The Death of Web Cookies: Good for Measurement

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As more online entities move to respect their users and limit or restrict the use of third-party cookies, the entire ad tech ecosystem is facing profound change.

Accurate measurement requires high quality, first-party sustainable data. However, current ad measurement tools are built on third-party audiences: The solution provider does not have a direct relationship with the person being exposed to advertising. Providers have therefore relied on third-party cookies to identify who was exposed to what ad. Now that Google plans to join Firefox and Safari to phase out third-party cookies in less than two years, traditional ad measurement methodology will need to reinvent itself.

That is a scary prospect for the digital advertising ecosystem. The ANA and 4As have gone on record with their disappointment at the death of the cookie. However, it is worth remembering that the cookie has its shortcomings. Cookies paint only a partial picture of a brand’s audience. Accordingly, forcing the advertising industry to adopt more accurate measurement solutions will be a positive development for marketers.

Yes, the change will take work and it will involve growing pains, but it will also lead to a more thorough understanding of your company’s audience and campaign performance.


The Future of Measurement and Its Impact on Publishers

Cookies were crafted as connect-the-dots. Perhaps they should have been called “crumbs.” After all, they provide only a fragmented picture of the customer journey, and they have caused a mess that users and platforms alike are trying to clean up. They have never been 100% accurate, nor have they been powerful enough to provide a continuous line of sight into consumer behavior.

Even beyond the dot-connecting issue, cookies are problematic:

  • First, they have unreliable shelf lives. Whether a cookie expires or it is manually cleared by a user, it can disappear at inopportune times.
  • Second, some cookies are never captured at all, such as when people turn to ad blockers and other tools to block them.
  • Third, cookies are device-specific, and they don’t work well on mobile—specifically in apps.

The industry has accepted that cookies meet minimum measurement requirements—just enough to get by—for a long time. However, a growing number of marketers have been looking for more meaningful and complete measurement solutions, even outside of the changing regulations.

What is that more complete measurement solution? The simplest answer is first-party, permission-based audiences and technology—solutions that don’t require cookies, identity-matching, or onboarding.

Identity-based publishers that have direct relationships with users are uniquely positioned to weather cookies’ demise, or even benefit from it, because they can measure performance without cookies. The New York Times, Wall Street Journal, and other publishers with subscription services; social media networks, including Facebook and YouTube; and Amazon all offer identity-based measurement solutions.


But the impending measurement change is a tough pill to swallow for publishers—particularly in the news industry—because many news companies don’t require users to sign in to access content. They face a conundrum: People want their news on the fly, so requiring them to sign in can negatively impact the user base and reduce impressions; but companies that require user IDs gain identity-based targeting and measurement capabilities—via powerful first-party data.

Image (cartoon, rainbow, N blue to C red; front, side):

A growing number of publishers are rolling out subscription or membership models, not only because digital subscriptions are a valuable revenue stream but also because they can use first-party data to retarget users, to better understand their needs in order to improve their platform, and to create effective targeted advertising programs with accurate measurement capabilities.

Companies that lack first-party data are scrambling to find a unique approach to measurement, and to serve addressable advertising. Currently, workarounds include using IP addresses as a proxy for third-party cookies, but the solution is not perfect, because some households have dynamic IP addresses that change every few days—or even every 30 minutes—to protect privacy and security.

Publishers That Don’t Have Identity-Based Measurement

eMarketer estimates that nearly 88%, or $81 billion, of total US digital display ad spending will transact programmatically by 2021. Programmatic advertising is predicated on the use of the cookie, so companies will develop a real gap in what they can and cannot measure, because not every business has identity-based audiences.

For those that don’t, options include resorting to a “spray and pray” model, which could lower CPMs because targeted audiences cost more. From a measurement perspective, publishers resort to “spot measurement,” for which they measure little pieces of a campaign. That leads to measurement gaps, questionable conclusions, and a hard time proving incremental value.

Publishers should start asking questions of their measurement solution providers now to prepare for the not-so-distant cookie-less future:

  • How can you measure the true value of my media without reliance on cookies?
  • How can you provide continuous line-of-sight into behavioral lift post-ad exposure?
  • How do you measure the impact of ad exposure even when users are anonymous?

The crumbling of cookies will indubitably cause challenges, but it will also nudge the marketing and advertising industry forward. It will force publishers and advertisers to demand better measurement solutions.

Adjusting to measurement in a cookie-less world isn’t easy, but taking on the challenge will lead to better solutions and more effective advertising.



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